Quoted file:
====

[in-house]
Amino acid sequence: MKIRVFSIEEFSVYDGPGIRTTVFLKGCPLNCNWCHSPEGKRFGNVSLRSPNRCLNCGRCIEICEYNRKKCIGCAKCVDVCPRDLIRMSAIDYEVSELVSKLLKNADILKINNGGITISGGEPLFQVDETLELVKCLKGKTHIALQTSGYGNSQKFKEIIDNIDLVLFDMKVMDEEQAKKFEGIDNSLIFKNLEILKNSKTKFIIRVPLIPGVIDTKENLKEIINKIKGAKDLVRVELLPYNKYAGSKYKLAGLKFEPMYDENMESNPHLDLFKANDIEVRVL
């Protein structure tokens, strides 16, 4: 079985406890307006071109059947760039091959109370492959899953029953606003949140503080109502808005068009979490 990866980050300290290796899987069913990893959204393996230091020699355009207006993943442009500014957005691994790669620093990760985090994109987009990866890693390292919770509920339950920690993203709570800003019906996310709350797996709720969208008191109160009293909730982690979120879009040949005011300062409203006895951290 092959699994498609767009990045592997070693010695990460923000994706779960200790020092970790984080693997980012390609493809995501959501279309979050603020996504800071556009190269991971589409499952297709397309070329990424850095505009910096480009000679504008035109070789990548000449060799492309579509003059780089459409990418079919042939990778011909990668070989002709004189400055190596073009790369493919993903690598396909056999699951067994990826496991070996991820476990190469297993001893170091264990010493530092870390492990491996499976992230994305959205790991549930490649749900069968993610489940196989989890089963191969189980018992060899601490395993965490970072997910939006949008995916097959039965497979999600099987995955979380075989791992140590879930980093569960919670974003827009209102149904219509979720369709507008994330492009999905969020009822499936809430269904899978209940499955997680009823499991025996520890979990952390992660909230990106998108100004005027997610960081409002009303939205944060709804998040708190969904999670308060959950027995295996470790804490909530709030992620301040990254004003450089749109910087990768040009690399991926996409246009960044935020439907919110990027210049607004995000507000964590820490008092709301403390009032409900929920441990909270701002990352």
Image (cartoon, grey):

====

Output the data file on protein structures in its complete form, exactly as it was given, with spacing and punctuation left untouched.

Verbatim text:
[in-house]
Amino acid sequence: MKIRVFSIEEFSVYDGPGIRTTVFLKGCPLNCNWCHSPEGKRFGNVSLRSPNRCLNCGRCIEICEYNRKKCIGCAKCVDVCPRDLIRMSAIDYEVSELVSKLLKNADILKINNGGITISGGEPLFQVDETLELVKCLKGKTHIALQTSGYGNSQKFKEIIDNIDLVLFDMKVMDEEQAKKFEGIDNSLIFKNLEILKNSKTKFIIRVPLIPGVIDTKENLKEIINKIKGAKDLVRVELLPYNKYAGSKYKLAGLKFEPMYDENMESNPHLDLFKANDIEVRVL
């Protein structure tokens, strides 16, 4: 079985406890307006071109059947760039091959109370492959899953029953606003949140503080109502808005068009979490 990866980050300290290796899987069913990893959204393996230091020699355009207006993943442009500014957005691994790669620093990760985090994109987009990866890693390292919770509920339950920690993203709570800003019906996310709350797996709720969208008191109160009293909730982690979120879009040949005011300062409203006895951290 092959699994498609767009990045592997070693010695990460923000994706779960200790020092970790984080693997980012390609493809995501959501279309979050603020996504800071556009190269991971589409499952297709397309070329990424850095505009910096480009000679504008035109070789990548000449060799492309579509003059780089459409990418079919042939990778011909990668070989002709004189400055190596073009790369493919993903690598396909056999699951067994990826496991070996991820476990190469297993001893170091264990010493530092870390492990491996499976992230994305959205790991549930490649749900069968993610489940196989989890089963191969189980018992060899601490395993965490970072997910939006949008995916097959039965497979999600099987995955979380075989791992140590879930980093569960919670974003827009209102149904219509979720369709507008994330492009999905969020009822499936809430269904899978209940499955997680009823499991025996520890979990952390992660909230990106998108100004005027997610960081409002009303939205944060709804998040708190969904999670308060959950027995295996470790804490909530709030992620301040990254004003450089749109910087990768040009690399991926996409246009960044935020439907919110990027210049607004995000507000964590820490008092709301403390009032409900929920441990909270701002990352």
Image (cartoon, grey):